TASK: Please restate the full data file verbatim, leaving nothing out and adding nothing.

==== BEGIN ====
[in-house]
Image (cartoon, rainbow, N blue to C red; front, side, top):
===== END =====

[in-house]
Image (cartoon, rainbow, N blue to C red; front, side, top):